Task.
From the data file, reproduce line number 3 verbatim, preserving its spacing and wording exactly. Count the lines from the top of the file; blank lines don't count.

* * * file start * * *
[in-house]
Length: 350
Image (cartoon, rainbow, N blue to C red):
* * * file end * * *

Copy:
Image (cartoon, rainbow, N blue to C red):